Alias Clio

  3. Not baggy suits. Business suits. In a way the sisters wearing the business suits--usually the younger, i.e. middle aged ones--looked quite sharp. (The maiden aunt types sometimes looked tidy and sometimes looked merely dowdy.) But the suit-wearers were most definitely in-the-world, as I suppose, being in apostolic life, they certainly were. (Interestingly, it was the middle-aged ones who were stout, where as the elderly ones were tiny, though not tiny.)

    As a child and teen, I read very little besides fiction. I think what would have had the most helpful influence on me was "In This House of Brede" by Rumer Godden.
    I think if I had read "In This House of Brede" as a teen, instead of Antonia White's "Frost in May", my life would have been quite different. However, "Frost", not "Brede", fell into my hands, and there may have been a divine purpose in that.

    1. I was fortunate to encounter "In This House of Brede" when I was about fifteen years old, and found it fascinating. I was baffled by how different its account of monastic life was from those found in supposedly true autobiographies and memoirs of religious life. I often heard horror stories about being taught by "mean nuns", too, and I had nothing with which to counter them because I had very little to do with them myself, in spite of having had many male and female religious in the family. As a result, as an adolescent I was much confused about them, as I was by many other aspects of Catholic life and faith.

      Antonia Frost, poor creature, was so neurotic that she was not to be trusted on such matters, although she does appear to have been badly treated by the sisters at her Catholic boarding school. Not one but two daughters wrote tell-all biographies of her. She re-converted to Catholicism after having left the Church, too, but I assume you knew that. Perhaps some readers won't be aware of it, though, so I mention it for their benefit.


  4. Seraphic,
    it seems like you are collecting a small group of historians/historians-in-the-making who study nuns! and Bynum's work still inspires.

    1. Sister Mary Thomas wrote a doctoral thesis on Benedictine nuns and now she IS a Benedictine nun! :-D

  5. Yesterday you had me dreaming of being back in exciting London, today I'm dreaming of beautiful habits and singing vespers....... I too grew up only seeing feminist nuns in business suits and short haircuts. What I shock I got when I visited Rome in my twenties and saw all these beautiful young nuns!

    Aussie girl in NZ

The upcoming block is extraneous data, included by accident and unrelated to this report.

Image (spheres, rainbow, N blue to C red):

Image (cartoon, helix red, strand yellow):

1. Yeah, me, too, although the shock was perhaps less dramatic for me in Rome, for had I seen some beautiful young Sisters of Life when I was in my late 20s or early 30s.

  6. "Why are even religious girls so obsessed with female beauty?"

    Because most religious girls wish to get married, and a man won't marry you unless he thinks you're beautiful.

    "And there is also--which I know from being married--few attitudes more freeing than not caring if men-not-our-husband find us beautiful or not."

    I believe you. It's just that we don't know which one of these men is Husband Among the Ones Who Are Not, and so we have to keep a broad audience in mind.

    I have never seriously considered becoming a nun, although I suppose I wouldn't rule it out. Is it weird that the thought of having no men around puts me off though?

  7. No, I don't think that's weird. That put me off, too. However, they get visits from a priest, of course, and they can receive letters and occasionally they get permission to see a male visitor in the parlour. I suppose it's all very easy to sigh over all-female life when I know darned well I have a perfectly splendid man back home.

    As for the beautiful thing, men are a lot more varied in their tastes than we give them credit for--or are when they haven't had their brains addled by internet porn. I am not, and never have been, a head-turning beauty from any but the most affectionate female perspective, but various men have found me beautiful, so there you go. I think the most important thing is to look happy and healthy, really, and then after that adopting as "feminine" an appearance as possible, although naturally that changes from culture to culture, age to age. In general, I think men (church-going Catholic men anyway) prefer feminine-looking women, but no doubt there are those who prefer boyish women like, er, I'm not sure. Anne Hathaway with a pixie cut, maybe.

  8. "I am not, and never have been, a head-turning beauty from any but the most affectionate female perspective."

    Me too! Today an older middle-aged Ukrainian lady I work with addressed me with, "Hello, beautiful." She thinks I look like one of the women Chopin was in love with or something.